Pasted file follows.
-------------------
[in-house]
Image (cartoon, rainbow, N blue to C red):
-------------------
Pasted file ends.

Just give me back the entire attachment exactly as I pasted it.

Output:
[in-house]
Image (cartoon, rainbow, N blue to C red):